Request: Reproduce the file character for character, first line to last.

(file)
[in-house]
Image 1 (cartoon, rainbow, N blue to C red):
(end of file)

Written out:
[in-house]
Image 1 (cartoon, rainbow, N blue to C red):